This might be considered as a further elaboration on my previous question Users acting as authorities, in the sense that, similarly to that question, I want to clarify for myself some existing nowhere written rules that seem to be important for this site.
The question concerns specifically the situation with my answer to the question Does free will require randomness? (although my question here is not just about that answer, it is just an example and I want to know what to do in similar situations). The following text has appeared after it:
Some of the information contained in this post requires additional references. Please edit to add citations to reliable sources that support the assertions made here. Unsourced material may be disputed or deleted.
I gather this is caused by several users having flagged the answer accordingly, so I have at least to take their opinion into account. However in this case I cannot really figure out how to satisfy this requirement - my answer contains a proposed definition of free will and deduces the answer from this definition. Of course I realize that this definition is disputable, and I would be glad to see its wrongs and weaknesses, but what I certainly don't know is whether there is anywhere a similar view of free will that I could cite.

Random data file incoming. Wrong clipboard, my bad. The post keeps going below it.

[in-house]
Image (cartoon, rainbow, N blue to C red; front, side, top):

Even more, I have no idea what are criteria for evaluating sources as reliable enough to support my assertions (well, properly speaking it is a definition but ok it may be considered as an assertion); I also don't know whether the above text concerns that definition or the argument following it.
In the help center it is mentioned that
Links to external resources are encouraged but nowhere could I find information about either in which cases is it strictly necessary to accompany assertions with citations to reliable sources supporting them or how to determine which sources are reliable. In particular, I want to ask by which criteria does this answer of mine fall into that category.
Since that answer is quite short I decided just to reproduce it here for convenience
Let us see how concisely this can be answered.
Having free will means nothing more than not knowing yourself what you will do (or will want to do or will try to do) in future. Even if all of your actions are perfectly known beforehand to everybody else but you you still have free will.